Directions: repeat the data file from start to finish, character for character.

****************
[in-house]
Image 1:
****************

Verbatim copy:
[in-house]
Image 1: